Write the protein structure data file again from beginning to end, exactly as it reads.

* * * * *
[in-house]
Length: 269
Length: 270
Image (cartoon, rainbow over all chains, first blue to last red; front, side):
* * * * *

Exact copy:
[in-house]
Length: 269
Length: 270
Image (cartoon, rainbow over all chains, first blue to last red; front, side):